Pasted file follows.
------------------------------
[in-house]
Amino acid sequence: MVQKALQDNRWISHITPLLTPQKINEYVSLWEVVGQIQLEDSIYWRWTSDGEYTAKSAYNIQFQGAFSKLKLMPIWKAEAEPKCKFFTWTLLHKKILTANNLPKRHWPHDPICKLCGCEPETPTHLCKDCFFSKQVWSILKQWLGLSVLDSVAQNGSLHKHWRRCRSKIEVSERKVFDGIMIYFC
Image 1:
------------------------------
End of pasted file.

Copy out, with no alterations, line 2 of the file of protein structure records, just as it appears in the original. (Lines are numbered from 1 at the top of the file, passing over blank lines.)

Amino acid sequence: MVQKALQDNRWISHITPLLTPQKINEYVSLWEVVGQIQLEDSIYWRWTSDGEYTAKSAYNIQFQGAFSKLKLMPIWKAEAEPKCKFFTWTLLHKKILTANNLPKRHWPHDPICKLCGCEPETPTHLCKDCFFSKQVWSILKQWLGLSVLDSVAQNGSLHKHWRRCRSKIEVSERKVFDGIMIYFC